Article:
I'm doing this all for Padmé, he reminded himself. That's the only reason. If there were any other way... But there's not and I have to save her. I have to!
So why did he feel so disgusted and dirty?
Because I've killed so many people...
So many children...
He hated himself for it. As he still hated himself for the village of Sand People...
He understood why all the Jedi had to die. (And the Separatists as well. Those deaths had been satisfying. It was because of them that the galaxy had been at war for all this time. With their demise, there would be peace again.) They were too dangerous. (And who could know better than someone who had once been one of them?) They would not give up their power without a fight. A fight that would kill even more people. People like Padmé... Destroying them was the only way to ensure the galaxy would be free from their tyranny. There was no other way to stop them.
But the younglings...
This was the only order of his master's that he did not understand. Why had he wanted them killed too? They were...had been...young enough to be easily made to forget their Jedi teachings. What had been the point of murdering innocent children?
Only then will you be strong enough in the dark side to save Padmé.
It was true that he felt more powerful than he had ever felt before. His Force abilities were growing stronger with every passing moment. The dark side was an amazing source. But could the deaths of children have really made all that much difference?
A wave of guilt crashed over him as he remembered the fear in their eyes. The sound of their screams.
The look on the face of the boy who had asked him for help...
Tears came to his eyes and rolled down his face.
I'm so sorry.
How had it come to this? Why? Why did children have to die in order for his love to live?
All of this was for Padmé. Every choice, every act. All of it. Everything he did was to ensure her safety. Nothing else mattered. As he had told his master, he could not live without her. Life was not worth living unless she was there by his side. He would do anything to save her. Anything and everything.
Even kill children.
The dark side was the key to her survival. He would do whatever it took to master its secrets. He would not rest until he knew his vision would not come true. He loved her so much. He could not lose her.
He would not lose her.
Obi-Wan kept himself hidden in the shadows as he waited for his opportunity to board the mobile platform that would bring Padmé's ship to its launch location. There were hanger workers and droids swarming all around the vehicle. Getting onto it without being seen would not be easy.
But he would get on board. He had to. It was his one and only way of finding Anakin.
Stop thinking of him as Anakin, he ordered himself. Anakin is dead. I'm going to confront a Sith.
So why did he feel as if he were going to commit a murder?
Anakin had always meant more to him than an apprentice, and later, a fellow Jedi, should have. He knew this and yet he had never fought their closeness. They had come together at a vulnerable time and they had formed a bond because of it. It had made the loss of Qui-Gon easier to bear.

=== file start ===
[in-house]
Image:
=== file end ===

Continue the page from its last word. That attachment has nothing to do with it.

Anakin was his friend and brother...his son. He loved him with all of his heart. He knew that such an attachment was against the Jedi Code, but he could not release it. It was too deeply ingrained in his soul. Besides, before now, it had never interfered with the performance of his duties. In fact, he had always felt that it had made them stronger as a team.
That was why he had turned a blind eye to Anakin's relationship with Padmé. There had never appeared to be any harm in it. Anakin had seemed the better person for it as well. Padmé had been good for him. And Anakin, though still impatient and headstrong, had matured into a fine Jedi. Obi-Wan could not have been prouder of his friend.
Where had he gone wrong? What could he have done differently to prevent this tragedy? He knew it was his fault. Anakin had been his responsibility, his apprentice. Everything Anakin knew he had learned from him. Whatever flaw Anakin had that had enabled the Sith Lord to lure him to the dark side was there because he had missed it.
Stop it, he commanded himself. I don't have time for this. I have a job to do.
He forced his mind back onto the task at hand. He would need his full concentration to pull this off. Concentration and the Force.
He took a deep breath and prepared to immerse himself in the oneness of the Force. The Force would guide him. It would...
"Hey, you there!"
The sudden voice startled Obi-Wan, bringing him out of his half-trance.
"Just what do you think you're doing? This is a restricted area."
"Come out where we can see you. No funny business," the same voice said but from another direction.
A very familiar voice...
Clones. He had been discovered by a patrol of clone troopers.
Clone troopers who were under instructions to terminate any Jedi on sight.
Force, no! Not now! Not this!